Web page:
The 288th District Court looks like any typical criminal court but when you go back into Judge Marc Carter's chambers, you quickly see why it's not.
There are photos of men in uniform everywhere. One photo shows Carter and another man who looks a lot like him.
"Those are of my dad fighting in Vietnam," he said proudly.
Born in Germany, his dad was career military.
"Those experiences will live with me for the rest of my life," he said. "They are part of my fabric and part of who I am and makes me do what I do."
Every other Wednesday, he presides over a special docket of cases dealing with veterans. The focus is more on helping veterans, not punishing them. They have a choice: get treatment or go to jail.
"We've been doing this for three years and it started with just one veteran," he said.
Marine Sergeant Marty Gonzalez was that veteran. Gonzalez fought in Fallujah, Iraq. Along the way, he was shot twice and blown up twice, picking up three Purple Hearts, two Bronze Stars, post-traumatic stress disorder, a traumatic brain injury and a broken back.
One night, with too many painkillers in his system and his child in the car, he had a wreck. He ended up in front of Carter.
"At that time I was suicidal," Gonzalez said. "I was giving up on myself. I didn't see a purpose in my life. I was going to kill myself, but I didn't care if I died."
He told Carter his story and it struck a chord.
"That upset me because I knew there was no justice for this young man if I let his story get written that was if there was a way to re-write that outcome," Carter said.
He had mercy on Gonzalez and got him help instead of a prison sentence.
Gonzalez bore down and did it. He said he would have been dead or in prison without Carter. When Carter asked him to go to Austin and testify to help get a bill passed to establish the first veteran's court in the land, he couldn't say no. He knew the judge had stuck his neck out for him. It was time to return the favor.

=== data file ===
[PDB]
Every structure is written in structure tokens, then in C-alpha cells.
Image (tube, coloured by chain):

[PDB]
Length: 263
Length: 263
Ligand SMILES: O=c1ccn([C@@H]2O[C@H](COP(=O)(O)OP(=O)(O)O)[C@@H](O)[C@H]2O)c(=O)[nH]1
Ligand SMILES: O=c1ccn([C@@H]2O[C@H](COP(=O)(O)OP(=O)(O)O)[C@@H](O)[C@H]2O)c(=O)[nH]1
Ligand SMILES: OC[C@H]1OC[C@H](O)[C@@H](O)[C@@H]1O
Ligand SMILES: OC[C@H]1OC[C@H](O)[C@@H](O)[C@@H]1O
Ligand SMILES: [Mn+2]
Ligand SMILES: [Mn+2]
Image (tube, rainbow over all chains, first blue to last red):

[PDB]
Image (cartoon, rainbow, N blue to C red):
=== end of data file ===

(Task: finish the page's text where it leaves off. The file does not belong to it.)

The court coordinates with Veterans Affairs. The feds pick up the tab for their treatment. Most of the cases involve PTSD and drug or alcohol issues. The veterans docket is every other Wednesday, and the probation period lasts about 18 months. It depends on the progress.
We were there to see Navy veteran Preston Hargrove on probation for a drug possession charge move from phase three to phase four.
"It was scary at first, but it's a good program," Hargrove said.
Gonzalez and his wife help counsel veterans who are struggling with the program and their families.
"I tell them you are not alone, keep fighting. You are not alone," he said.
The court has a very good track record so far with only about a 15 percent failure rate, well below a typical criminal court. That mean fewer people who gave so much, being thrown away by the country they swore to protect.
"It's really rewarding for me as a human being to be able to contribute in that way," Carter said.